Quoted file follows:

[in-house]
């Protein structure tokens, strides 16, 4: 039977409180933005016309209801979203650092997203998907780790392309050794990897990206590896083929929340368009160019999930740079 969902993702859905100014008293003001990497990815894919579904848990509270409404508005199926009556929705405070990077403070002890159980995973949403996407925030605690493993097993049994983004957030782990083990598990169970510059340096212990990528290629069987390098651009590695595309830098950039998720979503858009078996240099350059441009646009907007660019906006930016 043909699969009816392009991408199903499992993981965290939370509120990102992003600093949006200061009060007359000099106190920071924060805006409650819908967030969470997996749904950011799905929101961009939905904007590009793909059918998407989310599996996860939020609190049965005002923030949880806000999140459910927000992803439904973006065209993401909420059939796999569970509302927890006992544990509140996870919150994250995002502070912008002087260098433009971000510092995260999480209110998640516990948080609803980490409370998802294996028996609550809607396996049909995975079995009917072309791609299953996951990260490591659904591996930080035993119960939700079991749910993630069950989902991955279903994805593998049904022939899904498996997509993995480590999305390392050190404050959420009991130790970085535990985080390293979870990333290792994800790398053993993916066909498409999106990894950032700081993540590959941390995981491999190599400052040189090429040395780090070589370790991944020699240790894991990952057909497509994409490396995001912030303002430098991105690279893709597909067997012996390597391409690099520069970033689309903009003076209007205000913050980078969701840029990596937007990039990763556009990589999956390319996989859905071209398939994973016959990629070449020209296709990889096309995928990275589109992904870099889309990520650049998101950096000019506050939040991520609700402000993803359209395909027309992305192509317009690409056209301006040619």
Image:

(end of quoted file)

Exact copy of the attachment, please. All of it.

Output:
[in-house]
């Protein structure tokens, strides 16, 4: 039977409180933005016309209801979203650092997203998907780790392309050794990897990206590896083929929340368009160019999930740079 969902993702859905100014008293003001990497990815894919579904848990509270409404508005199926009556929705405070990077403070002890159980995973949403996407925030605690493993097993049994983004957030782990083990598990169970510059340096212990990528290629069987390098651009590695595309830098950039998720979503858009078996240099350059441009646009907007660019906006930016 043909699969009816392009991408199903499992993981965290939370509120990102992003600093949006200061009060007359000099106190920071924060805006409650819908967030969470997996749904950011799905929101961009939905904007590009793909059918998407989310599996996860939020609190049965005002923030949880806000999140459910927000992803439904973006065209993401909420059939796999569970509302927890006992544990509140996870919150994250995002502070912008002087260098433009971000510092995260999480209110998640516990948080609803980490409370998802294996028996609550809607396996049909995975079995009917072309791609299953996951990260490591659904591996930080035993119960939700079991749910993630069950989902991955279903994805593998049904022939899904498996997509993995480590999305390392050190404050959420009991130790970085535990985080390293979870990333290792994800790398053993993916066909498409999106990894950032700081993540590959941390995981491999190599400052040189090429040395780090070589370790991944020699240790894991990952057909497509994409490396995001912030303002430098991105690279893709597909067997012996390597391409690099520069970033689309903009003076209007205000913050980078969701840029990596937007990039990763556009990589999956390319996989859905071209398939994973016959990629070449020209296709990889096309995928990275589109992904870099889309990520650049998101950096000019506050939040991520609700402000993803359209395909027309992305192509317009690409056209301006040619």
Image: